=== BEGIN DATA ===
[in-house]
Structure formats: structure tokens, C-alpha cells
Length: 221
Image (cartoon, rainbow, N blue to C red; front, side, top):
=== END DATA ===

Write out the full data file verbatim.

[in-house]
Structure formats: structure tokens, C-alpha cells
Length: 221
Image (cartoon, rainbow, N blue to C red; front, side, top):